Governor Announces Substance Abuse Prevention Grants


DATE: July 20, 2005

Contact: Jason Gibbs
(802) 828-3333

MONTPELIER – Governor Jim Douglas today announced that 13 local substance abuse prevention coalitions will receive New Directions grants totaling $427,783 from the Vermont Department of Health. The effort is part Douglas’ comprehensive Drug Education, Treatment, Enforcement and Rehabilitation (DETER) program, launched by the Governor in 2003.

“New Directions coalitions are made up of dedicated Vermonters working together to address substance abuse in their communities,” said Governor Jim Douglas. “Because of their hard work and commitment, more and more young people are making healthier choices.”

New Directions coalitions bring youth and adults together to design prevention strategies for their own communities based on proven best practices. The grants fund coalition development and community prevention projects like mentoring and family education programs, school curricula, and local information campaigns to discourage alcohol and drug use.

“New Directions Coalitions have been highly successful, putting proven strategies into practice to reduce underage drinking,” said Deputy Commissioner of Health Barbara Cimaglio.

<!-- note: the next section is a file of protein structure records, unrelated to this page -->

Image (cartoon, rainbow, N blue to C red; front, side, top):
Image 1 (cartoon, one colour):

In addition to providing the funding, the Health Department supports coalition efforts with training and technical assistance.

The 2006 New Directions grants total $427,783 and are awarded to:


The D.E.T.E.R program is Governor Douglas’ multi-faceted, multi-million dollar program to confront substance abuse in Vermont. 

Passed in June 2003, D.E.T.E.R set in place a compassionate program of treatment and rehabilitation.  Among other things, the program has increased resources to educate children about the dangers of drugs, funded expanded treatment options and recovery centers throughout the state and enhanced penalties for traffickers and dealers who seek to poison Vermonters for profit.

Governor Douglas proposed an increase in funding for D.E.T.E.R. in his fiscal year 2006 budget, including requests for 10 new high school substance abuse prevention counselors and four more recovery centers.

“For too long Vermont chased the problems of substance abuse. The D.E.T.E.R program has helped us make prevention our strategy of choice,” the Governor said.

More information about D.E.T.E.R. and the Health Department’s substance abuse prevention efforts is available at